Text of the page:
Welcome to Underseen Indie Horror Movies, an ongoing column that celebrates the hidden corners of spooky cinema.This edition focuses on vampires.
The immortal creature that lives on the blood of others, the vampire has been around since nearly 100 years before the advent of film. From Nosferatu to Twilight, is there anything else left to say about these denizens of the dark?
This week’s picks prove there certainly is. From comedy to found footage to the post apocalyptic future, these are not Bram Stoker’s children of the night. Let’s bite into our 5 Underseen Indie Horror Movies: Vampires Edition!
Directors Cliff Prowse and Derek Lee find a clever way to breathe new life into both the vampire story and the found footage movie with this unique take.
Two friends on a trip to Europe find themselves dealing with one coming down with a serious illness. The sickness starts changing him for the worse, and it’s a race against time to try and save his life.
Freaks of Nature (2015)
It’s a crazy world when humans, vampires, and zombies have had to learn to coexist in the world, but Freaks of Nature shows us how they’ve all done their best to make it work.
But one night, there’s a massive disruption in the business as usual when a brand new species of creature shows up to upend the natural order of things, and it’s up to three teenagers to set the world back to “normal.”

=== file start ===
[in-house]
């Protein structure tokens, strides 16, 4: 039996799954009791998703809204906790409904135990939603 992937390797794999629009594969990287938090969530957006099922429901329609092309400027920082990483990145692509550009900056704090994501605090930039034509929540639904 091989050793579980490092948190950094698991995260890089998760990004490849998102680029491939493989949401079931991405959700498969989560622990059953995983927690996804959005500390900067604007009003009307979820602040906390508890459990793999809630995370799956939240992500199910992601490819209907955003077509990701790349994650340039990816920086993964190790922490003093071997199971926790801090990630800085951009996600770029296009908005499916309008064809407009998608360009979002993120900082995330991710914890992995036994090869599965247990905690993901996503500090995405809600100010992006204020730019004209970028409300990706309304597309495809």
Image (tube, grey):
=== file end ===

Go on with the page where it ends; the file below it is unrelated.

Shiver (Eskalofrio) (2008)
A mother moves to a small mountain town because of its lack of direct sunlight due to his severe skin condition and light sensitivity.
When a series of mysterious attacks happen coinciding with their arrival, the townsfolk look to the new resident, who they suspect may be a vampire.
Stake Land (2010)
The classic post-apocalyptic world seen in zombie and outbreak movies is cleverly repurposed by director Jim Mickle into Stake Land.
The movie plays with action and horror tropes in fun ways, has some beautiful photography, and a surprising message about religion, war, and the destructive nature of humanity.
Summer of Blood (2014)
Director/actor Onur Tukel brings quirk and comedy to the vampire mythos with Summer of Blood, playing an ordinary guy who is suddenly a huge hit with the ladies.
The problem is, it’s because he’s a vampire now. And that means he has to feed on blood or suffer debilitating pain. Tukel’s light direction and comic persona make this one S.O.B. worth spending some time with.
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